Once a year, I ask some of the senior staff at Le Palais des Thés who have not yet been on a trip with me to pack their bags and accompany me into the tea mountains. There is nothing like a visit to the plantations to compare your theoretical knowledge with reality, and bring a fresh impetus to your learning.
So, in October 2011, here we are: Sarah Daubron (head of customer services), myself, Christine Delétrée (network director) and Paul Roudez (manager of the Rue de l’Annonciation), posing for a group photo by the Tumsong factory in Darjeeling (India).
A few days ago I was shocked to hear of the brutal death of Seewan. Seewan was my driver for nearly 10 years. Every time I went to Darjeeling he would be there, waiting for me at Bagdogra airport, to take me into the mountains. He was extremely kind and never complained about anything. He was always cheerful, whatever the situation. He knew every area I visited, every tea plantation, every road. Seewan had become a good friend, and his murder has stunned and saddened me a great deal.
It’s just a detail, but something has intrigued me for years in Darjeeling. Why do people returning from market carry their shopping on their knees, with the notable exception of the cartons of eggs, which the community taxi driver places without hesitation on the bonnet of his Jeep?
When you know how bumpy the roads are in this region, and the hours of driving required just to get from one village to the next, it makes you wonder where they get the crazy idea of risking their fresh eggs in this way.
So I decided to investigate the matter, and I questioned several people while they were placing the cartons on the bonnet. I asked them why they transported their eggs like that. And each time I got the same answer, accompanied by a shrug of the shoulders, as if I had asked the most ridiculous question in the world.
-It’s where they are safest.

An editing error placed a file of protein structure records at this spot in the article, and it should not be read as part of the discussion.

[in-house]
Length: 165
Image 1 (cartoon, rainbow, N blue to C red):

It’s true that when you get more than 20 people in a 4×4, a fragile item is more likely to get crushed inside the vehicle. And it’s true that there is so much weight thrown around at the rear of the vehicle that the most delicate items are best placed in front.
When it is time to take a break, the pluckers in Darjeeling gather in the shade to drink tea or eat their meals. We would all love to be able to have lunch every day in such a peaceful setting…
These shelters are also where the pluckers take the leaves to be collected and weighed. Once gathered together, the leaves are loaded onto a trailer and a tractor promptly tows them away to the factory for processing.
On Sundays, many people gather in Darjeeling’s main square. Sometimes political meetings are held there. At other times, entertainment draws the crowds. Today, just off the famous square, called Chowrasta, I met this dancer who was getting ready to go on stage along with her fellow dancers, adorned with the same jewellery.
I’m on my way to Darjeeling. On my journey, I sometimes stop at Longview Tea Estate, the first tea plantation in this appellation. It doesn’t always produce great teas, as not all of its various plots get enough sun, but at certain times of the year, on the highest part of the plantation, Longview produces some very good teas, earlier than other gardens. Here, under the watchful eye of the grower, I’m assessing the aromas of the different lots I’m going to taste.
In China as well as in India, when it comes to making high quality tea, no effort is spared in ensuring that only the best leaves are selected. Here, in Fuding (China), these workers are checking all the leaves of the Bai Mu Dan that has just been produced, one by one. It is a painstaking task that requires a great deal of patience. Only when this stage is finished can the leaves be packed into chests and shipped to the buyer.
In the past, the withering of tea leaves took place in the open air, but nowadays it increasingly happens in a heated, well ventilated room. This system offers greater control over the ambient conditions. Here, in Fujian (China), the temperature and humidity levels are carefully regulated, and the room benefits from a sophisticated ventilation system. Which means the leaves of this Bai Mu Dan can gradually lose their water content.